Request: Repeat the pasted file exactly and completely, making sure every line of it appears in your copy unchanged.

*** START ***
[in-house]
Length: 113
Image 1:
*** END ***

[in-house]
Length: 113
Image 1: